http://danvillesanramon.com/print/story/print/2009/03/13/take-back-your-bird-feeder-from-the-squirrels


Danville Express

- March 13, 2009

Take back your bird feeder from the squirrels

Most effective tactic is taste aversion

Frolicking in the trees, foraging for acorns on the ground, even begging for a peanut or two at your back deck--squirrels can be cute--until they stake their claim to your bird feeder.

Squirrels love birdseed as much as birds do, and both groups of backyard pets routinely battle for rights to the backyard feeder. It's not an equal fight--most squirrels are bigger than the average bird, so chances are they're going to devour all the seed.

Squirrels are the number one problem for people who like to feed the birds. They can eat large amounts of seed, destroy bird feeders and chase birds away. When squirrels claim your feeder as their territory, it is hard to get rid of them. They will take up residence close to their feeding territory, and they'll soon have babies at your feeder as well.

Squirrels can be relentless in their perpetual pursuit of your bird feed, especially if you have chosen to let the birds dine on sunflower seeds or chopped peanuts. However, it doesn't really matter if you're giving your feathered friends sunflower seed, millet seed, safflower seed, chopped peanuts or cracked corn, the fact of the matter is that squirrels will eat pretty much whatever the birds will, and most squirrels are hard-wire programmed not to share their food.

Bird-lovers have tried countless devices and gimmicks over the years to thwart seed-stealing squirrels. One of the most effective tactics is taste aversion. Simply put, if the seed you serve tastes bad to squirrels, they'll seek sustenance elsewhere.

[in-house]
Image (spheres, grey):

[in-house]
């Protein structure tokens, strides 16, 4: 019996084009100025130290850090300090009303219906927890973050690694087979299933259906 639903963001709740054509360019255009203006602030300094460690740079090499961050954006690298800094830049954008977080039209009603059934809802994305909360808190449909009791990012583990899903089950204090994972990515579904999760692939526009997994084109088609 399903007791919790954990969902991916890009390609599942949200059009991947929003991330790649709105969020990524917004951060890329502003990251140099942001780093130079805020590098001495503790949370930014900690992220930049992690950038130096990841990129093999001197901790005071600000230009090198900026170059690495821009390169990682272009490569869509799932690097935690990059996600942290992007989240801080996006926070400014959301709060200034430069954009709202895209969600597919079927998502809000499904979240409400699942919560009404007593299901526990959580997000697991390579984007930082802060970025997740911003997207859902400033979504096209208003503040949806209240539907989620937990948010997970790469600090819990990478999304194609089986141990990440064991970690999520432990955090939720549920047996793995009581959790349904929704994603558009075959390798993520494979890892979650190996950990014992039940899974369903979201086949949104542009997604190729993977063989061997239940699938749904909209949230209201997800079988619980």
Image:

Studies show that mammals, including squirrels, have receptors on the tongue and in the mouth that react to chili peppers by sending heat signals to the brain. Although there's no actual damage, the sensation makes it seem as though the mouth is on fire. Birds lack the receptors that make chewing chili peppers such an eye-watering experience for mammals--they can eat peppers all day long and never feel a thing.

Put pesky squirrels on notice that your bird feeder is meant to be bird-exclusive by stocking the feeder with products that incorporate habanero pepper. The feed appeals to birds, but turns squirrels off with a chili-pepper oil. Cornell University scientists tested the technology and found it highly effective in reducing the number of squirrel visits at the feeder.

Another option is Flaming Squirrel Seed Sauce, a nutritional birdseed supplement that contains all-natural, 100 percent food grade ingredients with a super-hot and spicy flavor. Add this chili pepper formula to any quality birdseed to reduce squirrel visits, or spray it on garden plants to keep squirrels and other mammals from digging and eating plants.

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